An LN model is composed of its relevant features {ε_{μ}(*t*)} (μ = 1,2,…,*n*)), which act as linear filters on an incoming stimulus, and a probability to spike given the filtered stimulus, *P*(spike|filtered stimulus). For a Gaussian white noise stimulus with mean *I*_{0} and variance σ^{2}, the firing rate is(1)where is the time-integrated filter and **x** is the mean-subtracted noise stimulus filtered by the *n* relevant features. *p*(**x**) is an *n*-dimensional Gaussian distribution with variance σ^{2}. We refer to the Materials and Methods section for a more detailed account of the model.

For a one-dimensional model *n* = 1, Equation 1 can be rewritten with change of variables(2)Since *p*(*x*) is Gaussian, it is also the kernel or Green's function of a diffusion equation in terms of (*x*,σ^{2}) and therefore so is *p*(*x*−*I*_{0}ε̅) in terms of (*I*_{0},σ^{2}). In other words, we haveNow operating with on both sides of the equation, *p*(*x*−*I*_{0}ε̅) is the only term on the left hand side of Equation 2 that depends on (*I*_{0},σ^{2}) and therefore the right hand side of Equation 2 vanishes. Thus one finds(3)The boundary condition is given by evaluating Equation 2 as σ^{2}→0; here the Gaussian distribution becomes a delta functionand the boundary condition is given by the zero-noise *f-I* curve. Thus, when a model depends only on a single feature, ε(*t*), the *f-I* curve with a noisy input is given by a simple diffusion-like equation, Equation 3, with a single parameter, the time integrated filter, , determining the diffusion constant 1/2ε̅^{2}.

Equation 3 states that the variance-dependent change in the firing rate is simply determined by the curvature of the *f-I* curve. Thus, a one-dimensional system displays only a single type of noise-induced gain modulation: as in diffusion, an *f-I* curve is gradually smoothed and flattened as the variance increases. Given a boundary condition, such as an *f-I* curve for a particular variance, the family of *f-I* relations can be reconstructed up to a scale factor by solving Equation 3. For example, one can predict how the neuron would respond to a noise stimulus based on its output in the absence of noise. Note that the solution of Equation 3 generalizes a classical result [33] based on a binary nonlinearity to a simple closed form which applies to any type of nonlinearity.

Figure 2A and 2B show a solution of Equation 3. While this one-dimensional model is based on the simplest and most general assumptions, it provides insights into the structure of variance-dependent gain modulation. The boundary condition is an *f-I* curve with no noise, *f* = (*I*+0.1)^{1/2} for *I*>0 and *f* = 0 for *I*≤0, which imitates the general behavior of many dynamical neuron models around rheobase [34]–[36]. Compared with the HH conductance-based model, Equation 3 captures qualitative characteristics of the HH *f-I* curve despite differences due to the increased complexity of the HH model over a 1D LN model: in Figure 2A and 2B, there is a positive curvature (second derivative of firing rate with respect to current) of the *f-I* curve below rheobase related to the increase of the firing rate with increasing variance. In contrast, the behavior of the HHLS model cannot be described by Equation 3. Even though the *f-I* curves in Figure 1C mostly have negative curvature, the firing rate keeps increasing with variance, implying that the HHLS model cannot be described by a one-dimensional LN model.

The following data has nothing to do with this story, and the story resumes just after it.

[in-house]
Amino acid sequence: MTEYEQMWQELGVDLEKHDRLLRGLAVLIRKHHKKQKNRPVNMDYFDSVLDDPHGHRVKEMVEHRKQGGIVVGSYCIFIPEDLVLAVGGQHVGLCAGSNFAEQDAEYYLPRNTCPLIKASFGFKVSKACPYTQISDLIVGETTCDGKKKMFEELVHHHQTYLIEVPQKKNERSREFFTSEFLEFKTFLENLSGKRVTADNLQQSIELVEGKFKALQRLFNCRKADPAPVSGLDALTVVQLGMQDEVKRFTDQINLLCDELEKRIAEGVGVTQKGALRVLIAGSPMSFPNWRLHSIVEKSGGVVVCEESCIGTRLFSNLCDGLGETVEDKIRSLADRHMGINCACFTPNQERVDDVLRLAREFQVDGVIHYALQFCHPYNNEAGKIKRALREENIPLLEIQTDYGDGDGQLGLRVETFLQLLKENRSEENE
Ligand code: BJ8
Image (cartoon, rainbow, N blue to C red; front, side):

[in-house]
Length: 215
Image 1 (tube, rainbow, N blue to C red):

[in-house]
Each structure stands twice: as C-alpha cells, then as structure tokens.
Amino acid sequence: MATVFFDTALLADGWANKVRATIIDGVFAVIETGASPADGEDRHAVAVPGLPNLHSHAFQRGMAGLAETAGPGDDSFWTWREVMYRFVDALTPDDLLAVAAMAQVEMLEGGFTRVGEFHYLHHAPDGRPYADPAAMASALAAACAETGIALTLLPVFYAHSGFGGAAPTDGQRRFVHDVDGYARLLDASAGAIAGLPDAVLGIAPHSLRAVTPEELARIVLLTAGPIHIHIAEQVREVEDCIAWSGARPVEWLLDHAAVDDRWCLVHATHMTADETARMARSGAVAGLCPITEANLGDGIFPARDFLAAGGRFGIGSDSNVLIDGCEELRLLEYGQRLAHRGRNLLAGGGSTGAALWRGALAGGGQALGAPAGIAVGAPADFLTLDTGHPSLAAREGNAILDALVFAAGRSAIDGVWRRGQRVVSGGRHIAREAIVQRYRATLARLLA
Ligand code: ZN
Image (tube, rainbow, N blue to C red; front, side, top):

(A) Variance-dependent *f-I* curves of a one-dimensional model from the solution of Equation 3 with the boundary condition, *f* = (*I*+0.1)^{1/2} for *I*>0 and *f* = 0 for *I*≤0 at zero noise. (B) The firing rates of A in the (mean, variance) plane. (C) *f-I* curves of an LIF model. (D) *f-I* curves of a QIF model. The model parameters for the LIF and QIF are in the Materials and Methods section. We used 50 mean (*I*_{0}) values from 0 to 4 (LIF) and from −2 to 2 (QIF), and 8 variances (σ^{2}) from 0 to 8 for both models.

We also compared Equation 3 with the *f-I* curves from two commonly used simple neuron models, the leaky integrate-and-fire (LIF) model (Figure 2C), and a similar model with minimal nonlinearity, the quadratic integrate-and-fire (QIF) model [37],[38] (Figure 2D). The *f-I* curves of the two models are similar but have subtle differences: in the LIF model, firing rate never decreases with noise, even though parameters were chosen to induce a large negative curvature, as shown analytically in Text S1. The QIF model behavior is much more similar to the 1D LN model, marked by a slight decrease in firing rate at large *I*_{0}. From this perspective, the QIF is a *simpler* model in terms of the LN description despite the dynamical nonlinearity.

It is interesting to note that for one-dimensional models, the gain modulation given by Equation 3 depends only on the boundary condition, which implicitly describes how an input with a given mean samples the nonlinearity, but not explicitly on the details of filters or nonlinearity. An ideal differentiator, where firing rate is independent of the stimulus mean, is realized only when the filter has zero integral, ε̅ = 0. This is also the criterion that would be satisfied if the filter itself were ideally differentiating. We will return to the relationship between the LN model functional description and that of the *f-I* curves in the Discussion.

### Multidimensional Models

Here we examine gain modulation in the case of a system with multiple relevant features. In this case, one cannot derive a single simple equation such as Equation 3. Instead, we derive relationships between the characteristics of *f*(*I*_{0},σ) curves and quantities calculated using white noise analysis.